Driving range benefits from the Disconnect Actuator System that disconnects the front axle and motor from the wheels during highway driving to reduce parasitic losses from turning these parts when they aren’t needed.

The GV70 has no racetrack pretentions, with a cushy, comfortable ride on its 20-inch wheels that are a welcome alternative to the show-off 22-inch wheels on some competitors with their resultingly shorter driving range and substantially degraded ride quality in exchange for the exaggerated show car stance.

Silence, not performance, is the GV70’s calling card, but that doesn’t mean it is slow. The front and rear electric produce a combined 429 horsepower and 516-lb.-ft. of torque. A peak power of 483 hp is available for a 10-second burst by pressing the “Boost Mode” button on the steering wheel. This trick exploits the fact that the limiting factor of EV power output is typically their ability to dissipate heat, so they are rated at less than their maximum output for continuous power delivery. In this case, Genesis is comfortable cranking up the power for at least ten seconds without worrying about too much heat building up.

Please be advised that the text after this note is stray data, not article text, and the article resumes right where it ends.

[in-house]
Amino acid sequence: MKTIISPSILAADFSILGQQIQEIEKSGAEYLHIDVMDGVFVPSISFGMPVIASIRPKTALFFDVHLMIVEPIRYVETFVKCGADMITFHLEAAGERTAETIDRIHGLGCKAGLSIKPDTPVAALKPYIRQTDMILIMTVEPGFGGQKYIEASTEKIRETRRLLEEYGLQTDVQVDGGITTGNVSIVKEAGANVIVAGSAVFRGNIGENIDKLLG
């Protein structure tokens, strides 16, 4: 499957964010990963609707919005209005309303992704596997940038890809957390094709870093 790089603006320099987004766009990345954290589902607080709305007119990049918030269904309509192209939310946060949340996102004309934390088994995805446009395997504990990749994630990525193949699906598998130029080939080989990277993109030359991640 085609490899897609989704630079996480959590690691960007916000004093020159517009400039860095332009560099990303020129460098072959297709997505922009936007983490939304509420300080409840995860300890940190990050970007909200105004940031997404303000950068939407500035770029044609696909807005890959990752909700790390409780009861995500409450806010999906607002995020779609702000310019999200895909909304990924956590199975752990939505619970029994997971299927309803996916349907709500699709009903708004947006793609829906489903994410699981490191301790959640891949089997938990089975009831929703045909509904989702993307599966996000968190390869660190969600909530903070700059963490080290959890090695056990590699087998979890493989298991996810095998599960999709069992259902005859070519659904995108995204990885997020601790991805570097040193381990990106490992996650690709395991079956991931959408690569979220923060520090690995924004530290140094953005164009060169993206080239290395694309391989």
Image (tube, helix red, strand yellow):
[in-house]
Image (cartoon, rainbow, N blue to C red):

The GV70 Electrified provides the kind of capable, comfortable driving experience that will convert drivers to accept EV ownership. The sub-250-mile driving range will be an obstacle, but as the public charging network improves, consumers will see the value in paying less for a smaller battery that is more than sufficient in 95 percent of their driving. The GV70 Electrified’s serene cabin will remind them daily of the value of making stops to recharge during long trips.


About the Author(s)

Dan Carney

Senior Editor, Design News

Dan’s coverage of the auto industry over three decades has taken him to the racetracks, automotive engineering centers, vehicle simulators, wind tunnels, and crash-test labs of the world.